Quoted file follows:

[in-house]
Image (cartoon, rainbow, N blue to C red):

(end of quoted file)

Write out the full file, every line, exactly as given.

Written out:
[in-house]
Image (cartoon, rainbow, N blue to C red):